DSLR Cameras are increasingly becoming a type of camera that is in the reach of the average photographer as prices fall and as manufacturers develop more user friendly models. But there are some things you must know before deciding which one you want to buy... So here goes!
One of the most important advantages of DSLR cameras (i.e. semi-professional and professional) is the ability to use different lenses. However deciding on what lens to buy and what lens is suitable for a specific type of photography is a bit difficult. In this article we learn about advantages and main purpose of using specific types of lenses, hoping that we make it easier for you to decide. Letâ€™s have a look at different types of lenses and learn when they are used.
So, youâ€™ve got a fancy new DSLR camera, eh? Youâ€™re really excited! It probably cost a small fortune. Itâ€™s gotta be good, right? It better be good, right? Maybe youâ€™re having a ton of fun with your new camera and youâ€™re getting great results out of the box. If so, thatâ€™s awesome, good for you! This guide should help you get even better results in a very short time.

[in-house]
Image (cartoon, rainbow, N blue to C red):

On the other hand, as a new DSLR user you may either have a hard time using all the buttons and knobs on your new camera, or you may just not be getting the results you had hoped (and paid!) for.
Well, youâ€™re in luck â€” DSLRâ€™s are absolutely fantastic pieces of machinery, and they can really help you unleash your creativity on your photos. And â€” better yet â€” we've got a brief, no nonsense guide on how to work that fancy device. Now, get your camera out of Auto mode and get ready to learn!
The auto exposure lock (AE-L) function on a D-SLR camera lets you physically lock the exposure reading from anywhere in the scene. You can use it on its own or at the point where you focus the image.
All digital SLR cameras have an auto exposure lock button. When you press the AE-L button, the current exposure settings are fixed (locked) so that they canâ€™t change as you recompose the shot â€“ even if the level of light alters as you aim the camera elsewhere.